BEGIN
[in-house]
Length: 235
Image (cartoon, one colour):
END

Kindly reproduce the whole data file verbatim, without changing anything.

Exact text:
[in-house]
Length: 235
Image (cartoon, one colour):